Niceville Artist Angela Stevenson Turns Trash Into Treasure
The owner of Create with Big Orange House Designs relies on found object for inspiration
Most people see used wine bottles, old shower doors, buttons, scrap wood and discarded jewelry as trash.
But Niceville artist Angela Stevenson, owner of Create with Big Orange House Designs, sees in those items sea turtles, fish and mermaids.
Colorful shattered safety glass and shells adorn ships, beach scenes and more. Stevenson’s imaginative art breathes new life into items that would usually wind up in a recycle bin or landfill.
“I’ve always had a love for recycled materials,” Stevenson said.
“And the fact that I live near the Gulf of Mexico is very inspiring as an artist. I call it my coastal flavored art because I use shells in almost everything.
“I am an artist,” she laughed, “but I have no background in art at all.”
Koszuta left college early to get married but soon realized that she had a knack for understanding how to put colors and textures together.
She started decorating homes and went on to fix up and flip houses for fun and profit.
“The real art started when I began as a parent volunteer teaching OVAL (Okaloosa Volunteer Art Liaison) art at my son’s elementary school,” Stevenson said.
“There was a very lean budget for supplies, so the parent volunteers had to get creative. We used everything from aluminum cans to pallet boards, and it was a huge success. It was then that I realized that there might be something to this art thing for me.”
Stevenson’s husband bought her a bicycle with a basket and she regularly toured her neighborhood, pausing to do recycle-bin scrounging.
“I was looking for things that may not have much value to anyone else, but were a gold mine to me.”
She began melting recycled bottles in her kiln and making them into cheeseboards and glassware.
She put them in a few shops and people loved them. They quickly sold out.
Gone are the days when Stevenson used her bike to forage for recycled materials.
“I don’t need to do that anymore because people literally leave bins of stuff at my door every day,” she said.
“I get old corks, driftwood, picture frames, loads of dock wood from rebuilds or storms, lots of shells and even unwanted crystal. It has taken on a life of its own. I get calls from various glass shops when they have shatterproof tempered glass from shower doors that they want to get rid of.”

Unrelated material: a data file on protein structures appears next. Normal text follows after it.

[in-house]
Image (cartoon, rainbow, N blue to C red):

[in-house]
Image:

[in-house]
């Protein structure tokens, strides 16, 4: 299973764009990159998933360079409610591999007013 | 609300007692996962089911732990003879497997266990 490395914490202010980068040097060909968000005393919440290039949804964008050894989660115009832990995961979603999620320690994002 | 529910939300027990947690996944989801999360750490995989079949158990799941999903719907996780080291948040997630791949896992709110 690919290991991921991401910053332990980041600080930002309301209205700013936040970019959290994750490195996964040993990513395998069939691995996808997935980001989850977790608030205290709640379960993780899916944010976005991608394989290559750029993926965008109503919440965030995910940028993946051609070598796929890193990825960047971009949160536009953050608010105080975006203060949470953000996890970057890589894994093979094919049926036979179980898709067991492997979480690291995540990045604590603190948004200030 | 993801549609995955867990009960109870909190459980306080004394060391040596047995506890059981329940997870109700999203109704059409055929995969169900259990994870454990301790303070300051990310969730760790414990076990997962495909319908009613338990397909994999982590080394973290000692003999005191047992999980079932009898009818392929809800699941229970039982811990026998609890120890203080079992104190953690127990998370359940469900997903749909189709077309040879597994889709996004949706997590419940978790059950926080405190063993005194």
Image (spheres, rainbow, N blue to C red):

Always, Stevenson wants her art to be fun, eclectic and bordering on humorous. Her art seems to speak to people.
At the Emerald Coast Autism Center (ECAC) at Northwest Florida State College in Niceville, Stevenson’s art is the first thing visitors see as they enter the building.
What started out as a small fish project for the school quickly turned into a huge 200-piece collection with an underwater theme. Schools of fish, colorful corals, seaweed, a large sea turtle and a large mermaid adorn the lobby while a different sea creature is displayed at the door to each classroom.
Students are met by a shark, seahorse, electric eel, lobster, anemones and more. Each piece of art was carefully cut from recycled wood, then painted, adorned with recycled glass pieces and coated with a special resin.
To date, the ECAC project is the largest Stevenson has undertaken.
Interest in her art has increased so much that Stevenson moved her studio into a larger space in a Bluewater shopping plaza last summer.
She needed more space to display art for sale and to offer classes. She currently partners with four other artists who use the studio to teach classes.
Stevenson is a woman constantly in motion, always eyeing new project ideas and thinking of ways to give back to the community.
She is currently working with an art therapist in hopes of offering classes to servicemen with PTSD.
“I love that I can use my talent to bring joy to people,” she said. “It is a gift that keeps on giving.”